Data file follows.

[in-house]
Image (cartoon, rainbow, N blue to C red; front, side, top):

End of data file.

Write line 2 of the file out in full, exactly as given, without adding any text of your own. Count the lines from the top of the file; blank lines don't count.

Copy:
Image (cartoon, rainbow, N blue to C red; front, side, top):